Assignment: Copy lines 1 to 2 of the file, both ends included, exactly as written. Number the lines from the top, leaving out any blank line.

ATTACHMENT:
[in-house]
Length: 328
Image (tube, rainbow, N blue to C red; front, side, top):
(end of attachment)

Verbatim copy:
[in-house]
Length: 328